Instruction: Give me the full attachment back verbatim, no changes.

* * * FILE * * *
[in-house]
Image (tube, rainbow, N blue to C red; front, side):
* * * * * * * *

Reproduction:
[in-house]
Image (tube, rainbow, N blue to C red; front, side):